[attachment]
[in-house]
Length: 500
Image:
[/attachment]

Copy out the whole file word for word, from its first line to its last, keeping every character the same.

[in-house]
Length: 500
Image: